Indiana – How NOT to do recovery


Millions intended for natural disaster relief instead spent on technology and industrial parks. A second article on the same topic is here: Disaster Aid Spending Analyzed. July 23.

The focus of this article is on economic development projects that had little or nothing to do with the damage done by a disaster.  If someone from Indiana wants to provide additional details or another perspective, please contact me.

ADDENDUM: It appears that federal funds for economic development were spent without regard for the local flood exposure and risk. Since the community did not get a disaster declaration, it is not out of compliance with the mitigation requirements of a declaration.

2 thoughts on “Indiana – How NOT to do recovery

  1. EDA’s money is to help economic recovery. It appears that that is what they’ve done. I’m not sure what you think is blameworthy – or who you think is to blame. EDA is doing what they’re supposed to do with this funding, so they aren’t at fault. Congress gave them the money to spend on economic recovery – is Congress at fault (of course, with this Congress, this may amount to a gimme!)? I can’t speak with surety, but usually the state is not involved very much in EDA funding, so it’s hard to say that the state is at fault. And clearly the area’s economy took a hit, so spending on economic development seems a reasonable, perhaps an enlightened, thing to do. Where’s the beef?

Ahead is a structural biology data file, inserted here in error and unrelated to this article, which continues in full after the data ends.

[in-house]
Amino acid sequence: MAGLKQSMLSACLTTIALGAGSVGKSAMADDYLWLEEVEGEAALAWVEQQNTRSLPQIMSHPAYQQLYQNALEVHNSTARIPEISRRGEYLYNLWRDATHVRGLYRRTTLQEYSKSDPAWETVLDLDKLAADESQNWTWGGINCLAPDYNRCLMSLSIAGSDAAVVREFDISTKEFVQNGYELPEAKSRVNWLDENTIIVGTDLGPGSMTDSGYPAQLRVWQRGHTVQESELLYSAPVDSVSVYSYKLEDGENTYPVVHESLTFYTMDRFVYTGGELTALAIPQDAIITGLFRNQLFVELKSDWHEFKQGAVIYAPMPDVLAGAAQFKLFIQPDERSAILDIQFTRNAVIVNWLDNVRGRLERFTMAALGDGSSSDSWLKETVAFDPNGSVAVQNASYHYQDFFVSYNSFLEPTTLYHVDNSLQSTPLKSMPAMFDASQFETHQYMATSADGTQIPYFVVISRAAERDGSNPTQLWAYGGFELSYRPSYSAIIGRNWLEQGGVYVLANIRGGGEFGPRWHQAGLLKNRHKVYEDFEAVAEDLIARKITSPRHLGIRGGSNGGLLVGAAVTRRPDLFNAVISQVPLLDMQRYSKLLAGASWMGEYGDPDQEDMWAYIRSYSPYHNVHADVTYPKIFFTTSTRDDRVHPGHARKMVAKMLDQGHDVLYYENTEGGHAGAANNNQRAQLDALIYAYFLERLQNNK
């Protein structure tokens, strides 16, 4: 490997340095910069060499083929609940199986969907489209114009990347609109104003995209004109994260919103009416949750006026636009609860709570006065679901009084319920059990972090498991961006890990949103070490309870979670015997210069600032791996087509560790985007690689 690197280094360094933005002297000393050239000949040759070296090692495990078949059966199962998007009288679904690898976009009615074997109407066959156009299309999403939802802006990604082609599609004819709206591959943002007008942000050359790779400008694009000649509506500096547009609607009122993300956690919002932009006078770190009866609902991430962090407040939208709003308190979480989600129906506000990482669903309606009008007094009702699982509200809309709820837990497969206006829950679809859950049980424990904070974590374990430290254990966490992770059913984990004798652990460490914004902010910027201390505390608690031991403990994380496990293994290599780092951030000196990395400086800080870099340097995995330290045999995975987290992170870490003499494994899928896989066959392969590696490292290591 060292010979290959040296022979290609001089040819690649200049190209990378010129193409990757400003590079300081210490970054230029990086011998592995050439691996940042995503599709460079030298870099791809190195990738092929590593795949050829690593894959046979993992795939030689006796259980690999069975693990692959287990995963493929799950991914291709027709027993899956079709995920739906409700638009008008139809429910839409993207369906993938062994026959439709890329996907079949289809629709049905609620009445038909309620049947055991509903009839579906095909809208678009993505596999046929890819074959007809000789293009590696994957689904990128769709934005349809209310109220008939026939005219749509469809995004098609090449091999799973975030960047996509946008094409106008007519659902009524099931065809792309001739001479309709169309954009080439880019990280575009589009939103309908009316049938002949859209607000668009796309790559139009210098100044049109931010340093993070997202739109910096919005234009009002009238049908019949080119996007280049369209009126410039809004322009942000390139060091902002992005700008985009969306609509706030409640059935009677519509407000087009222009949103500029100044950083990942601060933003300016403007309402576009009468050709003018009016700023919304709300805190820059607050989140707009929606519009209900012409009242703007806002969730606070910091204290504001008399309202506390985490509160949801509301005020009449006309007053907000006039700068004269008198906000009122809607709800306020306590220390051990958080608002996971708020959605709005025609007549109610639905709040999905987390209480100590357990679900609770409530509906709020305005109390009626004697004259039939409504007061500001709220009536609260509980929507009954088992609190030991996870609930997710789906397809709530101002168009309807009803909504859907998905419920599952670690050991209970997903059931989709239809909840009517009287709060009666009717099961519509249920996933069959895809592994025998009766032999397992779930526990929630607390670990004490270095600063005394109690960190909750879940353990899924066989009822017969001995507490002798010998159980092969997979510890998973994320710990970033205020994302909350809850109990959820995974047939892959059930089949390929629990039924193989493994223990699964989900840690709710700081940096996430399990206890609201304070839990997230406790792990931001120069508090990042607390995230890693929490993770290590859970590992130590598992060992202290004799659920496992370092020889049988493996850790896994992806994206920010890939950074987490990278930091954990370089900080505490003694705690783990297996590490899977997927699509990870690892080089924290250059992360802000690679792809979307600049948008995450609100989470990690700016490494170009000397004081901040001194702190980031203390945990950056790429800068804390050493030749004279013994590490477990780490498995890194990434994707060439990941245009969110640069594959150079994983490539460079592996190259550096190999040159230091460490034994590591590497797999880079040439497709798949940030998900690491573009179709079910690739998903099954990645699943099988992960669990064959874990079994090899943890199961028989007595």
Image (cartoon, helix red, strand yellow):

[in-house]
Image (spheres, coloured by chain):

• You make some valid points, John. I think that that article does not tell the whole story. It appears that the use of the EDA funds is appropriate. Since the community did not get a disaster declaration, they are not out of compliance with the requirements of a declaration. The prospect exists that more attention should have been given to flood mitigation, since flooks are a threat to the community.

Leave a Reply

Fill in your details below or click an icon to log in: Logo

You are commenting using your account. Log Out /  Change )

Twitter picture

You are commenting using your Twitter account. Log Out /  Change )

Facebook photo

You are commenting using your Facebook account. Log Out /  Change )

Connecting to %s

This site uses Akismet to reduce spam. Learn how your comment data is processed.